Railraods were initially built for one of two reasons or a combination thereof - Property and Commerce development or perceived needs of Defense and Security.

 

Remember, even our Interstate highway system was justified by needs of National Defense.



#24 Philly Amtrak Fan

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Posted 07 February 2017 - 07:07 PM

There are three possible outcomes as to who pays:

 

1) Federal/State government pays and passes the bill onto taxpayers.

2) Private enterprise pays.

3) No one pays and the trains disappear.

 

I will never be convinced that #2 isn't the best option of the three. Certainly you can argue #2 isn't plausible and our "real" outcomes are #1 and #3. But if the government can encourage #2 I think we're better off. I'm not going to just say spend more of our tax money until the cows come home unless there is a future "payoff" (use your own judgment as to what qualifies as a payoff).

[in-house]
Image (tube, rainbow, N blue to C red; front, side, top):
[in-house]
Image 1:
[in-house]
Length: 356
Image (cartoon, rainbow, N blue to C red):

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#25 Carolina Special

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Posted 07 February 2017 - 07:32 PM

If government is substantially paying for part of your income for a "private" service, I would argue that is no longer private rail. The business has to be able to pay for itself with minimal government support. Otherwise the businessman is subject to whatever changes the government makes to the contractual terms when the winds of politics change, which happens fairly frequently. In a business with high fixed costs, like passenger rail, that is a recipe for disaster.